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Reset control systems: Stability, performance and application
Linear time invariant (LTI) control design is the most widely applied control design technique. But it has inherent limitation. In LTI feedback control systems, high-frequency loop gain is linked to both low-frequency loop gain and stability margins through Bode's gain-phase relationship. This linkage results in trade-offs among competing performance specifications. Reset control design is a great candidate of improving this limitation. The basic idea of reset control is to reset the state of a linear controller to zero whenever its input meets a threshold. Such a reset controller is introduced in feedback control systems with the aim of providing better trade-offs between competing specifications than could be achieved using linear controllers. There have been some successful experimental applications of reset control technique which demonstrate its benefit. However, during the past three decades, there is a lack of theoretical results for reset control systems. For example, none of the experimental reset control applications can provide formal proof of stability and theoretic analysis of performance. Dedicated to solving this problem, this dissertation performs theoretic analysis of the stability and performance of reset control systems. A complete set of theoretic results on the stability and time-domain performance are developed. These results build a solid theoretic base for the further and wider application of reset control system. Also, reset control design is successfully applied to the speed control of a rotational flexible mechanical system with supporting theoretic analysis. This experiment demonstrates the benefit of reset control design over LTI control design and the effectiveness of the theoretic results.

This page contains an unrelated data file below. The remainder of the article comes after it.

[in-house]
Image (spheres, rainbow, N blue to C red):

Mechanical engineering|Electrical engineering
Chen, Qian, "Reset control systems: Stability, performance and application" (2000). Doctoral Dissertations Available from Proquest. AAI9988771.